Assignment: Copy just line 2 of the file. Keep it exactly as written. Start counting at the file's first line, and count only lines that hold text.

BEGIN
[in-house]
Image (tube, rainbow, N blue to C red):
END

Image (tube, rainbow, N blue to C red):